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BLOG: How I divorced Google

Tom Henderson | March 21, 2012
I sat recently at the Grand Opening Ceremony at CeBIT 2012 in Hannover. There was a huge crowd of dignitaries, business people, and captains of German industry. They were waiting to hear from the President of Brazil, the Chancellor of Germany, and the Executive Chairman of Google, Eric Schmidt. Each gave a keynote. As the event's them was Managing Trust, it seemed salient for me to listen specifically to Schmidt, perhaps one last time. It's not that I don't respect the German Chancellor or the President of Brazil, but I wasn't trying to divorce myself from the organizations they represent.

The warning here is that although Ghostery seems to work, it can cause certain web pages that depend on tracking to suddenly not work. If you use Discus, as an example, you must turn it back on by adding an exception for your site. I have no idea what Discus does with the data it garners. Sometimes Ghostery lights up with a dozen or more tracking elements on every page I load from some sites. A page reload (including going back to a page) will trigger Ghostery all over again. Some pages simply crawl because of the extra tracking junk Ghostery must stop.

Day five: Android

First some background is needed. At least for now, ridding one's self of Google doesn't mean you have to give up your Motorola mobile phone. As Google now owns them, I'm guessing that Motorola's phone policies will change. I own a Motorola Droid 2, which runs Android. Verizon conveniently updated the version, wiping out the mods that I had done to the phone. You can use Android without Google, but doing so is tough, and there's work to do. Having done so, your privacy and dignity will be preserved. Lacking these steps and using Android or Google products, your privacy and dignity will be usurped -- by your permission.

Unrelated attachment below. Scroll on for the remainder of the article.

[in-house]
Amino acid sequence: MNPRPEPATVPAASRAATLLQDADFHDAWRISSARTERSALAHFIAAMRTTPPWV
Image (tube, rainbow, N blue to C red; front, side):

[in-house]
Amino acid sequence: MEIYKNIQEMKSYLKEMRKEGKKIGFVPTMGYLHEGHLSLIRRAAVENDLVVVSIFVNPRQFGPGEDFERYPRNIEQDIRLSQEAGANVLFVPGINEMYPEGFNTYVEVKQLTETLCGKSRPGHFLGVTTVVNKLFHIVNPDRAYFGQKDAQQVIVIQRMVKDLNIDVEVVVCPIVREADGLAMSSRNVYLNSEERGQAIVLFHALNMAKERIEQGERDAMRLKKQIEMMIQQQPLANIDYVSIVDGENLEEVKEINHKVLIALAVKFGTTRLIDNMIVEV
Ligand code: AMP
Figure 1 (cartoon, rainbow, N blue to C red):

Scrubbing Google from your phone is at least temporarily do-able. It's beyond the scope of what I'm writing about here. The basic steps require you to scrape a lot of stuff after going through a process called rooting-your-phone, which gives you, the owner of the phone, control back over the use of the phone. You must then use non-Google apps, and no more Google Maps, Android Marketplace (unless the app you select is known to behave) apps, and must carefully watch downloaded apps for stuff they request to do.

One of my great sadnesses is that updates to Angry Birds now want access to your location, your phone contact list, and the names of all your high school classmates whose last names begin with the letter “S". Each app you download will ask for permissions. You must decide whether to grant them or not. There are listed payloads of basic apps that will work well with Android phones, but at the whim of a telco, the telco may try and assert an update to your phone's operating system that will wipe out all of that work. You must either resist the upgrade request, or succumb to it and clean it up again immediately afterwards -- if you want to ensure your privacy. Even then, phones report all sorts of things that are privacy robbing to the telcos, who in turn, do with that data as they will. You have no seeming choice as there is no such thing as a do-not-track for many personally-identifying characteristics of phone use.


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